Building OptiQ, a Next Gen Smart EV Charger, with Argonne National Laboratory

The Challenge

Argonne National Laboratory developed OptiQ EVSE, a smart L2 charging station. OptiQ EVSE is unique in that it combines multiple modes of communication for charging into a single Electric Vehicle Supply Equipment (EVSE), including both digital and analog based communication. This means that the charger works with all US-based Electric Vehicles (EVs).

Argonne sought out a product development engineering partner for OptiQ EVSE. Hatch was awarded the project after a competitive selection process. The Hatch team demonstrated strong knowledge of the EV charging space. It was an honor to be selected by the government lab to refine some of the existing designed elements, design the housing, and build component prototypes.

Industrial Design
Mechanical Engineering
Electrical Engineering

Designing the Smart EV Charger’s Housing

The development of OptiQ EVSE’s housing was a comprehensive project aimed at creating a showcase product from the ground up. The product had no pre-existing housing to work from, so the Hatch team began with a thorough competitive analysis of similar products on the market, current design trends, and themes from other industries. The industrial design of the product needed to capture a cutting-edge design while considering internal components, cable management, and a wall mount. Particular attention was paid to how the cable and the J1772 plug would integrate with the charger to ensure both functionality and aesthetic appeal in a residential and small commercial setting.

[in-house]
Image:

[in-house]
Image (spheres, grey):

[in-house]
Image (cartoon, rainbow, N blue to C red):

As the team moved through the process, they meticulously refined the product design. A number of elements were considered to enhance the product’s usability and appearance including lighting, cable management, and an LED display. The mechanical design aspects, such as the harness for mounting the housing and the internal component placement were carefully planned to align with engineering constraints to give a seamless blend of form and function.

Initial Concepts of OptiQ EVSE Smart EV Charger Design
Early design concepts for OptiQ Smart EV Charger

Early design concepts for OptiQ

Exploded View of Argonne National Laboratory OptiQ EVSE Smart EV Charger

The mechanical design phase also entailed preparing to build a prototype of the housing. The team focused on the wall thickness to provide sufficient durability and strategically placed ribs and bosses for structural integrity.

Mechanical Engineering Drawings of OptiQ EVSE Smart EV Charger

The light pipe design emerged as a key feature, enhancing the product’s visual appeal and functionality by using colored light to indicate information from the smart EV charger to the user. Additionally, the team planned the general assembly process and servicing requirements, ensuring that the product could be easily installed and maintained. This included developing a mounting solution that was both secure and straightforward for a hassle-free connection to the wall.

Final Design Concept With Light Pipe Design for Argonne's OptiQ EVSE Smart EV Charger

Enhancing the Printed Circuit Board Assembly (PCBA)